As far as putting the two men on probation, in my opinion, the supervisor made the correct decision in “sitting on the idea”. He confronted the men about the situation and listened to their side. Chances are the men were merely angry about having their photographs and calendars taken down. The supervisor should warn the men that comments of that nature do not belong in the workplace and that future comments of that nature will not be tolerated. He should let them know that, even though they were speaking to one another, if comments are spoken out loud and can be heard by others the comments had best be fit to be heard by all. Should any future conversation of an inappropriate nature be overheard, then the men should be reprimanded and put on probation.
Because the supervisor removed the photographs and calendars it would be very difficult to prove sexual harassment or that the work environment was hostile. Of course there are those that would disagree. It could be argued that allowing the provocative photographs to be displayed in the first place made the work environment hostile and opened the doors to some form of sexual harassment. It is most likely true that the photographs were offensive and probably not only offensive to Barbara but other employees as well. However, freedom of expression is one right that we do possess in this country.
Unless the pictures were considered to be pornographic in nature the men should have been given a place to display them. It can be argued that any person can find any picture/photograph offensive no matter the nature of it. For example, if someone were of the Buddhist religion and there was a picture of Jesus hanging on the wall, one could assume it would offend that person. If it is the case that all pictures that someone could find offensive be removed then all wall hangings of all natures should be taken down. Unless written guidelines describing what is and is not acceptable exist then the photographs did not create a hostile environment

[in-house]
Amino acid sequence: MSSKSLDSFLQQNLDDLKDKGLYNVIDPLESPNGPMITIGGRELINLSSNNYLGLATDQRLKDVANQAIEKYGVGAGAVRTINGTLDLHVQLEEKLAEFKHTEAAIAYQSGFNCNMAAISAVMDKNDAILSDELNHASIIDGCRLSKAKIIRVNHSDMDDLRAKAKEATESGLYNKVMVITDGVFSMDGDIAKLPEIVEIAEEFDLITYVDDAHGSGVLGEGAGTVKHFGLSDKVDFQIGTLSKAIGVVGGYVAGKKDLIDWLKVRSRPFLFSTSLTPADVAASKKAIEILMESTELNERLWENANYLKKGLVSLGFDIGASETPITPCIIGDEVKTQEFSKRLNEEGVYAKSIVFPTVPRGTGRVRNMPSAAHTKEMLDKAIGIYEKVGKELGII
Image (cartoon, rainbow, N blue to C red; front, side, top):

It could also be argued that the content of the conversation between the two male employees creates a work environment that is hostile. The conversation was gender-based and it was unwelcome to its target (Barbara). I don’t disagree with these facts, however this only meets two of the five criteria (criteria 1 and 4) that must be met and the conversation was most likely generated out of anger. The men were merely looking for someone to blame and because Barbara was the one to go to the supervisor she was the one they blamed. As far as we can tell this was the male employee’s first offense and one single isolated event doesn’t prove sexual harassment or a hostile work environment.
As stated earlier the photographs and calendars were probably offensive in nature. It is also possible that they offended other employees, even male employees. With that in mind, although they were inappropriate and offensive, a hostile work environment did not exist because of the photographs and calendars. Even after the offensive material was removed and the two make employee made inappropriate comments, a hostile work environment did not exist. Sexual harassment would be hard to prove, the supervisor no the company perpetuated or condoned the behavior and the harassment was neither severe nor pervasive. The overall workplace was not pervaded with sexual harassment and Barbara was not hindered from doing her job and performing her duties.